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Lost And Found Photos At The DIA

“Untitled (Young Couple),” around 1970, attributed to Arthur Stross, color transparency film.Photo courtesy of the Detroit Institute of Arts.
“Untitled (Young Couple),” around 1970, attributed to Arthur Stross, color transparency film.
Photo courtesy of the Detroit Institute of Arts.

(DETROIT, MI) – Lost and Found: Photographs from the DIA’s Collection is a fascinating look at rediscovered photographs, referred to as “found” photography, rescued from attics, resale shops, online sources, and the Detroit Institute of Arts archives, on view at the DIA from August 26 to March 3. The exhibition is free with museum admission, which is free for Wayne, Oakland, and Macomb county residents.

Lost and Found includes photographs from the 1860s to the 1970s by unknown and amateur photographers which provide a glimpse into the city of Detroit, themes associated with the automobile, and portraits that immortalize family members and everyday people from all walks of life. Included are images from carnival photo booths, family albums, snapshots, and commercial portrait studios.

Lost and Found continues the DIA’s research and exhibitions that broaden understanding of photography as a cultural practice as well as uncovering those unknown or little-known photographers who found Detroit and the car as inspiration for their work.

“This exhibition brings to life how photography reveals the relevance of our shared experiences through photographs of loved ones, friends, and family as well as the relationship of the camera to the car, the family road trip and the city of Detroit,” DIA director and CEO Salvador Salort-Pons noted.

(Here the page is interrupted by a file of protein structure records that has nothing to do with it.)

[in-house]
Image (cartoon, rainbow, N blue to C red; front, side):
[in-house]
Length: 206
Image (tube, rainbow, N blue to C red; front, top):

Lost and Found includes a special section that looks at the city’s photographic practice of the past through recently re-discovered color images attributed to Allen Stross, who captured local haunts, people, and bygone landmarks from Detroit in the 1960s and 70s.

Black-and white snapshots of Detroit by James Pearson Duffy from 1974 to 1976 reveal the grittier side of the city, with storefronts, junk yards, mom and pop shops, handmade signs, and local businesses. Duffy likely made these photographs while driving around town, probably taking them from his car.

Found photography inadvertently defines histories, preserves memories, and reveals the presence of people, places, and historical eras. For DIA visitors, these photographs are a connection to the past which may reference or be relevant to their own or shared life experiences. The DIA helps make these connections through the photographs as well as a custom audio mix of “found” music provided by Third Man Records.

The exhibition will also include social media engagement. The DIA will ask the public to submit photographs from their personal archives through an #LostAndFoundatDIA Instagram campaign. Stay tuned for more information.

Museum Hours

  • 9am to 4pm Tuesdays–Thursdays
  • 9am to 10pm Fridays
  • 10am to 5pm Saturdays and Sundays


  • General admission (excludes ticketed exhibitions) is free for Wayne, Oakland, and Macomb county residents and DIA members
  • For all others, $14 for adults, $9 for seniors ages 62+, $8 for college students, $6 for ages 6–17
  • For membership information, call 313-833-7971

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